Monday, December 21, 2009

Gay Marriage, part 2

It's undeniable that the right to marry a partner of one's choosing is guaranteed by United States law. It's part of life, liberty, and the pursuit of happiness. It's been argued that a ban on same sex marriage violates the equal protection clause. All people are created equal, and thus denying rights to a certain group of people is unconstitutional. If a man wants to marry a woman he can, but if a woman wants to marry a woman, she can't. This is discriminating on the basis of one's gender.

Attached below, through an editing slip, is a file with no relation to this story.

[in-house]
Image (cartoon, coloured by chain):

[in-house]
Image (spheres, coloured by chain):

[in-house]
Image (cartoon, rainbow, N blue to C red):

The first amendment states that "Congress shall make no law respecting an establishment of religion, or prohibiting the free exercise thereof." It has been argued that since the only reason to ban gay marriage is a religious one, banning gay marriage would violate the first amendment by establishing a religion. However, such a ban would also violate the first amendment in another way. Since Unitarians and Episcopalians perform gay marriages, banning same sex marriage would prevent them from freely exercising their religion. Those pushing for a ban on gay marriage cite religion expression as their main reason, but ironically, a ban on gay marriage takes away the right to freely practice religion from certain denominations.

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